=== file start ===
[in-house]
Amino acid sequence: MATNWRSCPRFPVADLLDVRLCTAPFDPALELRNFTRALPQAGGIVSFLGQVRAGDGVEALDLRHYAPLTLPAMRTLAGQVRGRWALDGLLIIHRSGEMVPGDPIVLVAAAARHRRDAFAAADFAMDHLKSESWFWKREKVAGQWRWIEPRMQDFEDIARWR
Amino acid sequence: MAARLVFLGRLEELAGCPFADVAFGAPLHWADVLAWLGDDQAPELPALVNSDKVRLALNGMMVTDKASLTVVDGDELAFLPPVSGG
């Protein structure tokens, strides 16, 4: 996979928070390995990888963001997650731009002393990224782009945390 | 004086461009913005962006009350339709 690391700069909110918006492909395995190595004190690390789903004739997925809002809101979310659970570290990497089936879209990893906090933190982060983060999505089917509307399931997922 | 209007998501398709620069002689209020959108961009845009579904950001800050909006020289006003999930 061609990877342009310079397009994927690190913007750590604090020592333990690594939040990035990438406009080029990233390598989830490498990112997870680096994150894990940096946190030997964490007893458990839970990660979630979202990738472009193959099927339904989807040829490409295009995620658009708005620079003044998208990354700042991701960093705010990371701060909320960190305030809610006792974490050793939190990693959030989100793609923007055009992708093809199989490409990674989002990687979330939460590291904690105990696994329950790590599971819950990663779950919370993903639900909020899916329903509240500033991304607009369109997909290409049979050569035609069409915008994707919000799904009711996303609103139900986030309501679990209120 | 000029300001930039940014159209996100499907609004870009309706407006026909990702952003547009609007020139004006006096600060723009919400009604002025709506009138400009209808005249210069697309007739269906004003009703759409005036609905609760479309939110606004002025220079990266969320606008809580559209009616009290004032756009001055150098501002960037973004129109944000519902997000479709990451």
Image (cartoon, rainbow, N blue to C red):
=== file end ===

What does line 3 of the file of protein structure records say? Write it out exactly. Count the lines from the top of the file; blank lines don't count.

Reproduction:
Amino acid sequence: MAARLVFLGRLEELAGCPFADVAFGAPLHWADVLAWLGDDQAPELPALVNSDKVRLALNGMMVTDKASLTVVDGDELAFLPPVSGG